Anthocyanin is a flavonoid compound produced in plants and giving color to the tissue. It accumulates in the aleurone layer cells in corn kernels of varieties we commonly call Indian corn. This pigment is water soluble and therefore easily extracted. Although it’s total function in grain is not known, the compound does have some microbial inhibition character and perhaps is part of a pathogen resistance system. Selection for purple corn was incorporated as part of the movement of corn to many parts of north and south hemisphere and remains as a mainstay among certain cultures who use the pigments.
Anthocyanin also is the purple pigment that occurs in seedlings of some corn hybrids when temperatures are low. It is mostly a response to accumulation of sugars in tissue because the low temperatures slow down the movement of the sugars to growing points when under this condition. Phosphorus deficiency can be indicated by the purple leaves for the same reason. This functions to block light absorption by chloroplasts and thereby reducing photosynthesis. Red and purple reactions in corn when sugar transfer is inhibited because of disruption of xylem tissue due to borers, or lack of sufficient developing kernels to draw the sugar from leaves also trigger production of anthocyanin. Again, the function is to reduce light absorption in chloroplasts and therefore reduce photosynthesis and production of more sugar.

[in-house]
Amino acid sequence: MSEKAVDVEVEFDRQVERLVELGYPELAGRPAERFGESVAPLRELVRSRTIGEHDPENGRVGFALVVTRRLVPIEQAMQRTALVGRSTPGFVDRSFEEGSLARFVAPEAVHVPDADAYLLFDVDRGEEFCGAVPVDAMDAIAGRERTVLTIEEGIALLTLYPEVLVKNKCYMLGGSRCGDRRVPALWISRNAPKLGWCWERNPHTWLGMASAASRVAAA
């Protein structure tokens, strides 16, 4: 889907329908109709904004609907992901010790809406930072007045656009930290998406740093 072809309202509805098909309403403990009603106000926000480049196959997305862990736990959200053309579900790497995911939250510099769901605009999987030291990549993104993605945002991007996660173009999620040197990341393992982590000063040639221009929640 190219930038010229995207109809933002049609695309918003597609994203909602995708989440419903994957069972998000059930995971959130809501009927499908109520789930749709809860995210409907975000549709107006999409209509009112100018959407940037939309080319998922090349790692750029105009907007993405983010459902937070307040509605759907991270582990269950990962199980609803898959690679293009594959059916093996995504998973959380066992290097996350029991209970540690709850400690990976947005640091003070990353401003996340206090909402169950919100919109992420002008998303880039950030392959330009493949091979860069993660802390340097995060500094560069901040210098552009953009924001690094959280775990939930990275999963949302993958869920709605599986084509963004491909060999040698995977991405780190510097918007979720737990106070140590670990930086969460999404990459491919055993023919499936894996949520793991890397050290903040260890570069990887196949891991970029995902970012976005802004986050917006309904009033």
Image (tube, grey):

Genetics affect the occurrence and color intensity of anthocyanin in corn kernels. Although the major dominant gene is needed for purple corn kernels, the intensity of the color is affected by minor genes in the creation of the anthocyanin molecules.
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About Corn Journal
The purpose of this blog is to share perspectives of the biology of corn, its seed and diseases in a mix of technical and not so technical terms with all who are interested in this major crop. With more technical references to any of the topics easily available on the web with a search of key words, the blog will rarely cite references but will attempt to be accurate. Comments are welcome but will be screened before publishing. Comments and questions directed to the author by emails are encouraged.